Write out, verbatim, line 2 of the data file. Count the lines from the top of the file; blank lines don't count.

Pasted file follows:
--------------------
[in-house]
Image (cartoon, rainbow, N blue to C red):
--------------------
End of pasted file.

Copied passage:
Image (cartoon, rainbow, N blue to C red):